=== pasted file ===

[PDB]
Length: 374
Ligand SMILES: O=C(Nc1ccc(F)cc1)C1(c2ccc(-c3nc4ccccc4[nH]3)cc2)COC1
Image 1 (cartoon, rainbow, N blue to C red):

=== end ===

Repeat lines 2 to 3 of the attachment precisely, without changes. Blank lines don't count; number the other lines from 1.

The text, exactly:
Length: 374
Ligand SMILES: O=C(Nc1ccc(F)cc1)C1(c2ccc(-c3nc4ccccc4[nH]3)cc2)COC1